Climate change. Global warming. Whatever you want to call it. It is one of the biggest problems that humanity faces today. One of the worst parts about it is that we caused it. Through continued innovation, we have begun to alter the climate in ways that are irreversible. These innovations have led to many basic conveniences we have in life, like seemingly limitless travel with cars and planes to being able to buy frozen ground beef at your local supermarket, which have contributed to widespread greenhouse gas emissions.
Every time a combustion engine is used it releases carbon dioxide, the most prevalent greenhouse gas, into our atmosphere. For decades, this emission has been seen as the “smoking gun” for rising global temperatures, leading to the development of catalytic converters to reduce the amounts released from cars. The problem is that carbon dioxide and combustion engines are not solely at fault.
Commercial cattle farming is responsible for the release of methane and nitrous oxide, two of the four primary greenhouse gasses. These emissions can be up to 25 and 300 times more damaging to the atmosphere than carbon dioxide, respectively, and yet the United States government continues to subsidize factory meat and dairy farming operations at approximately $38 billion every year. Methane and nitrous oxide emissions accounted for 18% of U.S. greenhouse gas emissions in 2020 while 79% was attributed to carbon dioxide.
For the case of this article, I will use carbon dioxide equivalencies (converting amounts of other gasses to the equivalent amount of carbon dioxide with the same global warming potential) to report the total U.S. greenhouse gas emissions contributing to climate change. The amount emitted is an alarming 5.98 billion metric tons of carbon dioxide annually. For my combustion engine-loving friends out there, that’s the equivalent mass of 2.99 billion Ford F150 pickup trucks. That same amount of trucks parked end-to-end would wrap around the globe over a staggering 473 times. How’s that for America’s best-selling pickup?
Ithaca hosts some of the most beautiful winters I have ever witnessed. Frozen waterfalls, snow-covered trees and the gentle winds (alright, maybe they’re not that gentle) are some of the reasons why I love to call this place home.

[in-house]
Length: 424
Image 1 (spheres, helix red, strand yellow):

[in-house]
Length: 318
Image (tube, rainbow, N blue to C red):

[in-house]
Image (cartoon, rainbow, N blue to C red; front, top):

Some have noticed abnormally warm days this fall and point at climate change as an explanation. It is important to remember that climate is defined by the long-term average precipitation and temperature of an area, in contrast to weather, which is the short-term conditions seen in an area.
This means that when someone points to a single 50° F day in the middle of January as an example of climate change, they are likely mistaken.
I’m just as happy as you are to have a break from the bitter cold of winter when these unusually warm days occur, but when looking at historic temperatures and realizing that they have rapidly increased over just a few decades, this joy goes away.
The average annual temperature in New York has warmed by 3° F since 1970 and is predicted to do the same by 2080. Though a 3° F increase may seem insignificant, this warming has been enough to alter the timing of tree and flower blooming, in turn impacting the availability of food resources for migrating and hibernating animals. This could result in behavioral changes in these animals, including a shift in feeding behaviors, causing ecosystem alteration.
Though we have begun to experience some effects of climate change, they are still mild when compared to other parts of the country. The Pacific Northwest, for example, has experienced extreme heat waves that are exacerbated by the effects of climate change. These heat waves have increased the occurrence and severity of wildfires in the region. Across the country, wildfires caused over $11 billion in damages in 2021 alone. Instead of rebuilding, some residents have decided to move to different regions in the country, making themselves some of the first climate migrants in the United States. The Pacific Northwest is not alone however, as many coastal regions in the U.S. are facing rising sea levels because of climate change, and some arid climates have begun to experience annual prolonged droughts.
Though many of the effects of climate change are often small and hard to notice, over time they will become impossible to ignore. To help combat the effects of climate change, everyone can make simple choices to alter their daily lives. Decisions like limiting energy use and long-distance travel, using public transportation, advocating for environmental policies and voting for climate-minded officials may seem small, but this problem is much too large for any one person to solve alone.